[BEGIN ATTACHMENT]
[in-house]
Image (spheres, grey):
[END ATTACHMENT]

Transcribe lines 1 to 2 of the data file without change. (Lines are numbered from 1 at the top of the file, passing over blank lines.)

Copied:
[in-house]
Image (spheres, grey):